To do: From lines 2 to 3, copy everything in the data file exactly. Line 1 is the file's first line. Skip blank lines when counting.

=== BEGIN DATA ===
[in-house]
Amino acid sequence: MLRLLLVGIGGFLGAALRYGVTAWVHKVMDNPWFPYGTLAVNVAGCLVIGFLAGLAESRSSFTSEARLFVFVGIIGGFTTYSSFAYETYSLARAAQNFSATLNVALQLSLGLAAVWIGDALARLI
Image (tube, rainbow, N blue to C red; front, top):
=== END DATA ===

Amino acid sequence: MLRLLLVGIGGFLGAALRYGVTAWVHKVMDNPWFPYGTLAVNVAGCLVIGFLAGLAESRSSFTSEARLFVFVGIIGGFTTYSSFAYETYSLARAAQNFSATLNVALQLSLGLAAVWIGDALARLI
Image (tube, rainbow, N blue to C red; front, top):